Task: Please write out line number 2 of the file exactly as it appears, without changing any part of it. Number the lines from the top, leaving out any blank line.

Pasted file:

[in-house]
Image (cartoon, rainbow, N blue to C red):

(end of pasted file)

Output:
Image (cartoon, rainbow, N blue to C red):